The Ways Meditation Can Alter the Brain

Meditation-and-brain research has been underway for a number of years now with new findings coming out almost every week to demonstrate the new effects of meditation. Or, rather, any ancient gain that has just been verified with fMRI or EEG. Practice tends to have a wide range of neurological benefits – from improvements in the amount of gray matter to decreased activation in the “me” brain centers to increased connectivity between brain regions.

Below are some of the most promising research that have come out in the past few years that prove that meditation actually can create measurable improvements in our most critical organ. Skeptics, of course, would wonder what good are any brain improvements if the psychological results are not seen at the same time? Luckily, there is strong support for those too, with research suggesting that meditation helps to alleviate our subjective levels of anxiety and depression, Boost focus, concentration and general psychological well-being.

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Meditation Helps Preserve the Aging Brain

Last week a UCLA study showed that long-term meditators had better-preserved brains than non-meditators when they were older. Participants who had been meditating for an average of 20 years had a greater percentage of gray matter in the brain—though older meditators also had some volume reduction relative to younger meditators, it was not as pronounced as non-meditators. “We expected rather small and distinct effects located in some of the regions that had previously been associated with meditating,” The author of the research Florian Kurth said. “Instead what we actually observed was a widespread effect of meditation that encompassed regions throughout the entire brain.”

Meditation Decreases Activation in the “Me Center” Brain Section

One of the most interesting work in the last few years, carried out at Yale University, reported that mindfulness meditation decreases activation in the default mode network (DMN), the brain network responsible for mind-wandering and self-referential thoughts – a.k.a., “monkey mind.” DMN is on or involved when we’re not thinking about something in particular, when our brains are simply wandering around. Since mind-wandering is commonly synonymous with being less content, it is ruminating. Worrying about the past and the future, it’s the intention for many people to turn it down. Several experiments have found that meditation, owing to its relaxing influence on the DMN, tends to do exactly that. And even though the mind starts to drift, because of the new associations that create, meditators are best off snapping right out of it.

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The Effects of Meditation Competes With Antidepressants for Anxiety, Depression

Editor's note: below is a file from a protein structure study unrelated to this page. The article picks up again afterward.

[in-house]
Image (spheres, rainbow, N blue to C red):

Last year, a research report looked at the association between mindfulness therapy and its potential to relieve effects of stress, anxiety, and pain. Researcher Madhav Goyal and his colleagues observed that the meditation impact size was moderate at 0.3. If this sounds poor, bear in mind that the antidepressant effect size is also 0.3, which makes the meditation effect sound pretty good. After all, meditation is an active method of brain conditioning. “A lot of people have the idea that meditation means sitting down and doing nothing,” says Goyal. “But that’s not the truth. Meditation is an intensive training of the mind to increase consciousness, and various meditation programs address this in different ways.” Meditation is not a silver bullet for depression, since there is no cure, but it is one of the strategies that can better relieve symptoms.

Meditation Can Lead to Changes in the Volume of Brain Main Areas

In 2011, Sara Lazar and her team at Harvard found that mindfulness meditation could potentially alter the shape of the brain: eight weeks of Mindfulness-Based Stress Reduction (MBSR) improved cortical thickness in the hippocampus that regulates learning and memory, and in some areas of the brain that play a role in the control of emotions and self-referential thinking. There was also a reduction in brain cell volume in the amygdala, which is responsible for terror, anxiety, and tension – and these improvements were compatible with participants’ self-reporting of their stress levels, suggesting that meditation not only changes the brain, but also changes our subjective experience and emotions. In reality, a follow-up analysis conducted by Lazar’s team showed that after meditation preparation, Changes in brain regions related to mood and excitement were also linked to changes in how participants reported they felt—i.e., their psychological well-being. So for someone who claims the triggered blobs in the brain do not actually signify something, our subjective perception – increased mood and well-being – may also appear to be changed by meditation as well.